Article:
In the last week alone, digital media outlets have laid off hundreds of people. The publishers of USA Today are fighting off a takeover attempt. The Washington Post actually ran a Super Bowl ad about how important journalism is. But subscriptions don’t make enough money, and ads are annoying, data-sucking and don’t even work most of the time. Enter tech. Jim McKelvey is the co-founder of the payments and processing giant Square. He’s got a startup called Invisibly that’s part micro-payments where you pay for individual articles and part ad tech where you, the reader, can earn free articles by trading more data. Choose to pay for no ads at all or strike a balance somewhere in the middle. McKelvey told host Molly Wood the whole point is control. The following is an edited transcript of their conversation.
Jim McKelvey: [Content has] never been free. You’ve always paid for it, but you’ve paid for it with your attention, and it’s usually frustrating because you don’t have any control over how your eyeballs are bought and sold. They’re being bought and sold hundreds of times a day without your permission or knowledge. So here’s the deal: You don’t have to do anything differently. If you want us to just manage this for you, we will, but if you want to take control over how your attention is bought and sold, we’ll give you that control. So, for instance, you live in New York. Don’t sell me a pickup truck because I’m in New York. I’m not going to buy a pickup truck. I don’t need one here. That piece of information is valuable, and any piece of information you give does two things for you: First of all, it increases the relevance of the products that are pitched to you because you gonna buy some things, but more importantly it increases the value of your eyeballs. So you are getting paid more per second of attention.
Molly Wood: Or I can just buy my way out of it directly and skip that tailoring process?
McKelvey: Absolutely. Yeah. However you want to engage.
Wood: It’s interesting. It sounds like you’re making an argument that I should have more control of my data, but there’s a version of this that also sounds like I still give over a lot of data to individual sites.
McKelvey: Yeah, and it’s completely up to you what you want to do. So in our system from complete anonymity, which by the way will change the price of some user content. So, for instance, one of our publishers will sell you an article for a quarter cent if they know who you are. And that same article could cost three cents if they don’t know because they’re getting value out of your data as well. They want to know who their readers are.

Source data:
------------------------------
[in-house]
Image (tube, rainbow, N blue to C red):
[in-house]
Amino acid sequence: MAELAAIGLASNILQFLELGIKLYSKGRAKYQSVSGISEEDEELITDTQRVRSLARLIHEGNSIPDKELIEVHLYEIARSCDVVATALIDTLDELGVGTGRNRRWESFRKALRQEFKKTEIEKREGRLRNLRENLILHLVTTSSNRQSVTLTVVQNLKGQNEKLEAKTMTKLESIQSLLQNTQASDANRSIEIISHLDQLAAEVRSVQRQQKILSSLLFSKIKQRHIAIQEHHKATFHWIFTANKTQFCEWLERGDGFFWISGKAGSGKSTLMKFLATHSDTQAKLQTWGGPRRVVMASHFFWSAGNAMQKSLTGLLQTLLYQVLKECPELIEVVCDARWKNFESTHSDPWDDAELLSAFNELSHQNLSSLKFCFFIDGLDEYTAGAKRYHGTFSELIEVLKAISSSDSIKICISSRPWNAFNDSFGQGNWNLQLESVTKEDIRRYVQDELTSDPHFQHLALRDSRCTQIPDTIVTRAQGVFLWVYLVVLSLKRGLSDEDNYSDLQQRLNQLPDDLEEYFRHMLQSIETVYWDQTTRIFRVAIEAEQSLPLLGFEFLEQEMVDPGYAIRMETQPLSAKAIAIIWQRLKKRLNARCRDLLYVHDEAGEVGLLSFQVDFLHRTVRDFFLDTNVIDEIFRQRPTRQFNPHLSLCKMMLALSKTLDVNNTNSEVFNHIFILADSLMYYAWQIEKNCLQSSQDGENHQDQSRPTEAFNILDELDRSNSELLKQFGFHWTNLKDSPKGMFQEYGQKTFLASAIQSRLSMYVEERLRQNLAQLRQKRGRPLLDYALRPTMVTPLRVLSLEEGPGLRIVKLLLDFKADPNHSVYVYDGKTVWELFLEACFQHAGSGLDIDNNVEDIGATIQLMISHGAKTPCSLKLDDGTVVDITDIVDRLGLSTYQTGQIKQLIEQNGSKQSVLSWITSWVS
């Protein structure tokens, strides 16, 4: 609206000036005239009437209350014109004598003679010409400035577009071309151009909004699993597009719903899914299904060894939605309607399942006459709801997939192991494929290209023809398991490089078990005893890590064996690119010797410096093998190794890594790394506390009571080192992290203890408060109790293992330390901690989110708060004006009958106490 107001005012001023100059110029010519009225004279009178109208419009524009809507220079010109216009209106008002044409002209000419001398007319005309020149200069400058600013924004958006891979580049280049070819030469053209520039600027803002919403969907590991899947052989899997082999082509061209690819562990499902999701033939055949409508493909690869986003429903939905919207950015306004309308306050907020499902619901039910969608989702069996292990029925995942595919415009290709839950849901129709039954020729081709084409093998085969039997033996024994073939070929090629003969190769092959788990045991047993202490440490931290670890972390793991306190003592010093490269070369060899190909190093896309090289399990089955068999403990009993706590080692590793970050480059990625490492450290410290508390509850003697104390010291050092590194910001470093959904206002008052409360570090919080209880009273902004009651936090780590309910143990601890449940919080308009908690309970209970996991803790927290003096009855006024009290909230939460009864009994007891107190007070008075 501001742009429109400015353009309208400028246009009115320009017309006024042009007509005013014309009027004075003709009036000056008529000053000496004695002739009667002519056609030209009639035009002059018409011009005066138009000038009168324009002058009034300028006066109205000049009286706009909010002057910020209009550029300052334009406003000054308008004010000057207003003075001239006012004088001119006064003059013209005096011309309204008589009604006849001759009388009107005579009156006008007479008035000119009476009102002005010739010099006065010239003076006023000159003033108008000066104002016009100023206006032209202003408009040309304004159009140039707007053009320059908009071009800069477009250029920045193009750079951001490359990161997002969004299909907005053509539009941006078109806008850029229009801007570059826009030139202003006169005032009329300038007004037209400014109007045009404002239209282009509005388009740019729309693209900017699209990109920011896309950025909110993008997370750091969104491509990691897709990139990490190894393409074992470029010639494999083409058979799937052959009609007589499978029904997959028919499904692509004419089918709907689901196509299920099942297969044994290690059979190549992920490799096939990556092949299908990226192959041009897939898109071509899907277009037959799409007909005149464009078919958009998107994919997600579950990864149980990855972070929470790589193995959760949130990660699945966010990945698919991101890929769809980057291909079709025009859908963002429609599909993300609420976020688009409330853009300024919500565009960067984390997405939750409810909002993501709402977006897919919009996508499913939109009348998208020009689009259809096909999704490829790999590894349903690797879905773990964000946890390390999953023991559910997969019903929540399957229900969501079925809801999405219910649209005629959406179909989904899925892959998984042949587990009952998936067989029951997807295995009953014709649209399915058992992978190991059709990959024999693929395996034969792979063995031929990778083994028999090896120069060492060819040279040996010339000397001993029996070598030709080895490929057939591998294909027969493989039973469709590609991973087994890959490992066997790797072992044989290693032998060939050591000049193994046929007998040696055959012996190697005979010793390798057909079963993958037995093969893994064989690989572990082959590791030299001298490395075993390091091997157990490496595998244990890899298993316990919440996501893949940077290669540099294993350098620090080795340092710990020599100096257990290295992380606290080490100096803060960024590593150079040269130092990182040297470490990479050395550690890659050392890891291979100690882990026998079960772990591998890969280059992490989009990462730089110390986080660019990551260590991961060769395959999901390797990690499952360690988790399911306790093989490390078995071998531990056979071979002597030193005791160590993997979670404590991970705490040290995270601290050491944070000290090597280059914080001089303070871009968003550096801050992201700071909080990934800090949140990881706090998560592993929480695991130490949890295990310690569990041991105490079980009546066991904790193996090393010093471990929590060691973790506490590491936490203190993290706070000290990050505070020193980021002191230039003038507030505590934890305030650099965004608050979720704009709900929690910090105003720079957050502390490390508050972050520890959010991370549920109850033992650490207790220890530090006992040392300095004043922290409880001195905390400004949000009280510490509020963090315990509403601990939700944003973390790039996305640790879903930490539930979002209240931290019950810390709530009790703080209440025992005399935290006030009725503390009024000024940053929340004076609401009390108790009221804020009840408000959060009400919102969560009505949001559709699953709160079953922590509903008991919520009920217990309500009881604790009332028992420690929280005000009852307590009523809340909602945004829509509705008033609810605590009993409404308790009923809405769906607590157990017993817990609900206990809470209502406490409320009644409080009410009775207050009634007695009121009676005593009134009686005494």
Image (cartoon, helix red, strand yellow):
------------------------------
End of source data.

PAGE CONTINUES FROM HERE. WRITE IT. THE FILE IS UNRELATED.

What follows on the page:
Wood: It sounds like, if it really was embedded into a lot of different sites, it would become a large real-time experiment in trying to determine how much people actually do value their privacy, which I think we’re all trying to figure out right at this moment.
McKelvey: Yeah, and there’s no one answer for one person. So, for instance, there are times I value my privacy a lot. There are times I don’t. I’m about to buy a bunch of couches. If the couch manufacturers of the world knew I was about to spend several thousand bucks on couches, they would send ads to me that I would love to see right now. But the problem is, in the current ecosystem, I have no way of signaling that. And the worst case is I buy a couch and then they find out I bought one and then for the next three months I get chased by couch commercials. It’s really backwards and messed up right now. We’re not saying we’re going to fix it all at once, but we’re saying that we’re going to do this on behalf of the people whose information is the currency. Give me control of how I spend my attention just as I have control over how I spend the dollars in my wallet.
And now for some related links:
- On Monday, Facebook CEO Mark Zuckerberg posted a letter to celebrate the platform’s 15th anniversary. What’s interesting in the context of this conversation about the future of media is that Zuckerberg is sort of taking the position that what Facebook is doing is upending the traditional institutions that used to control your access to information. And that now the internet, with Facebook at its core, is setting all that information free, but the media and people who are afraid of change only want to focus on the negative. To those people he says, you are wrong, society is becoming more open and accountable because of these new networks, which is very interesting because, on the one hand, technology marches on. There was moral hand-wringing in the extreme about the democratization of language, about radio, about television and about the internet. But, as much as Zuckerberg may think otherwise, Facebook is not the internet.
- Facebook does not behave the way that disruptive new networks might behave in a vacuum because Facebook is a company. Its incentive is to make money. Senator, we run ads. The internet is an incredibly disruptive and democratizing and polarizing force. Everything Zuckerberg says about Facebook, that you can find a like-minded community, that you can keep in touch with far away friends, that you can organize a protest, that you can advertise a business, all of that can happen on the internet with or without Facebook. And none of that necessarily makes Facebook or the rest of the internet immune from questions about the ads. Right? But then again, let’s be fair. What else is he gonna say? He’s the CEO. Of a business.
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